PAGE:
Ryan Bingham returns to his solitary apartment in the film version of Up in the Air. The small one bedroom unit is painted white, it is stark white, empty, feels unlived in and desolate. Well, it really isn’t lived in much. There is scarcely any furniture or food in the pantry. Yet it is his home away from home. His real home is 30,000 feet in a business class seat on American Airlines. He travels around the country informing people they have lost their jobs.
Ryan seems content to spend a few days a year in his bleak apartment somewhere down a long corridor of what might just as well be a Holiday Inn in Timbuktu. He isn’t married, doesn’t want to be, has no children, no desire to have any, not even a regular girlfriend anymore. He lectures to groups of business people on how to lighten up their commitments, how to unpack the backpacks of their life, as he puts it.
His friends are behind the ticket counter at American Airlines, their business-class hostesses and those who greet him when he arrives at the Hilton Hotel in St. Louis, Wichita or wherever he happens to be for the night. They are his hello, Ryan, friends.
Until he meets a charmer, Alex Goran, who has the same type of job in the sky as he does. They flirt, they become lovers, they seem to enjoy being together whenever they can, they spend an almost “dreamy” weekend at his younger sister’s wedding. Ryan and Alex are unerringly on the same wave-length.
But then Ryan begins to miss her, wishes she was around more often, and share more of his life with her. The silent apartment that lies wait begins to feel a bit oppressive. Is this a problem? As far as I could tell, it isn’t.
His forlorn state reminded me of Doris Grumbach’s reflections on the fifty days of solitude she spent in her home on the coast of Maine:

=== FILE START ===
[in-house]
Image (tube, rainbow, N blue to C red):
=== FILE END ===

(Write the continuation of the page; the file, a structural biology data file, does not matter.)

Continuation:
At first I found I missed another voice, not so much a voice responsive to my unexpressed thoughts as an independent one speaking its own words….There was a reward for this deprivation. The absence of other voices compelled me to listen more intently to the inner one. I became aware that the interior voice, so often before stifled or stilled entirely by what I thought others wanted to hear, or what I considered to be socially acceptable, grew gratifyingly louder, more insistent.
They spoke loudly to Ryan too. In the midst of his standard unpack-your-backpack speech one day, he stops abruptly, leaves the podium, and rushes out to fly to Alex’s hometown. He knocks on her door, she comes down the stairs, opens it up, whereupon he glimpses a bunch of kids running up and down the stairs.
Here the film let me down. They let Ryan down far more. Alex was not the person she seemed to be. I search unsuccessfully for clues that she wasn’t.
She never mentioned she was married, never gave him an inkling she was, he thought she was being honest. I guess in a sense she was. She says she thought he knew. And then she admits he was her escape. Simply his escape? She never conveys anything that led me or Ryan to sense that is what he meant to her.
Would it have mattered if he knew? Would their relationship have been any different? Would he have wanted her to play a larger part in his life even if he knew she was married and had children?
Ryan goes back to work, his job is preserved as the firm has given up on an Internet firing project, and he returns to his home in the sky and the friends who cross his path on his journey from one dreary, forlorn town to the